The artist in every culture takes on some of the roles of the shaman. The artist walks the fine line between the conscious and the unconscious, the obvious and the hidden. My background (Ph.D. in psychology) led me to the study of consciousness, meditation and spirituality. After years of teaching I left academics to apply what I had learned to the realm of art.
I had been the school photographer all through high school and college, but put it aside during my psychology days. I returned to photography this time as art rather than photojournalism, in 1976. I returned, not because I was inspired by other photographers, but rather because I wanted to express my new understandings that came about through my studies and my teaching.
I began the Bodyscapes in 1976 with the intention of showing that it is possible to hold two different perceptions at the same time. The images are also a play on “figure-ground reversals” where the figure (in this case the body) becomes the ground (or landscape)! Two different perceptions, I felt, indicated that it possible to hold two different levels of consciousness – or two different realities. . . . and that was the inspiration behind this work.
The body as landscape reminds us that nature’s shapes repeat throughout the universe. Nature’s forms are similar in landscape and in the human body. In making these images I am always aware of the viewers experience. If I want the viewer to see a “mountain” then it is important that I also see the body as a mountain. If, instead, I see the body as someone’s rear end, then the viewer will not see the mountain! So – it becomes an interesting discipline for me – forcing me to see beyond the body to the landscape that it represents.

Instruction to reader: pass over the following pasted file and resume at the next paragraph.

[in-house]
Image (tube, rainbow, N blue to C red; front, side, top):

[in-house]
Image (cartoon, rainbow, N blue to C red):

I choose black and white because the point of the work is the design, the lighting, the shapes – not the details of the objects. As such, black and white seemed to be more effective. Also, the color of the body didn’t match the color of the landscape that I was portraying. I tried using color at one time, but quickly stopped.
The images sometimes begin when I find a miniature which I could use in a Bodyscape. Other times, I have an idea and have to find the appropriate miniature. I sometimes have a shot planned ahead of time, but usually I have only a general feel for what I want and try out a number of different locations/angles etc. Sometimes the model offers ideas and helps with the composition! My technique is simple. Lights on booms are aimed at the white background. The model lays on a table in front of the background.
The figurines that I place on the body are from model railroads, Christmas ornaments, doll houses or collector miniatures. It is very important that I use high quality, detailed miniatures, or the illusion of a real landscape is lost. I shot with film for many years using a Mamiya RB67. Now I shoot with a digital camera, a Nikon D300. The images are still done the same way, however, with toys set on the body and a single exposure, rather than with multiple exposures or photoshop.
My next projects in this series includes working with a black and a white model in the same shot, possibly working with male and female models together, and continuing to try to get good male bodyscapes – (so far that hasn’t worked very well). I feel that I have covered most of the obvious sports themes etc, and now I plan to concentrate on producing beautiful landscapes – real and surreal.
Some people see humor, eroticism, or beauty in my work. Others notice the “ah ha!” experience. Everyone brings their own consciousness to bear as they react to what is in front of them.